Jeremy Lasek, PHAA
Just when you thought our COVID-ravaged world couldn’t get more crazy, we get a week like this week.
With new coronavirus cases springing up across the country in the past week, every state and territory has introduced a mix of strict new lockdown rules, border closures and other restrictions.
The majority of Australians are being asked to work from home and mask up when they leave home for shopping and medical appointments. Businesses have again been severely impacted and the tourism industry in particular is suffering another school holiday effectively lost, as people adhere to the strict stay-at-home orders.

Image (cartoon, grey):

All of this provided an incredible backdrop for the opening today of the Public Health Association of Australia’s (PHAA) National Immunisation Conference, where Australia’s battle to control COVID is front and centre on a packed three-day agenda.
New vaccination measures
Adding another layer of complexity, following an emergency meeting of National Cabinet last night, on the eve of the conference, the Prime Minister announced a raft of new measures to better support the vaccination rollout. These include mandatory vaccinations for the entire aged care workforce in Australia (but not before September), and the age cap preventing those under 40 from seeking the AstraZeneca vaccine has gone.
In opening the conference, Australia’s Chief Medical Officer, Professor Paul Kelly acknowledged that while the vaccine rollout was slower than most would have wanted there have now been more than seven million doses distributed, with 260,000 people receiving a shot of AstraZeneca in the past week.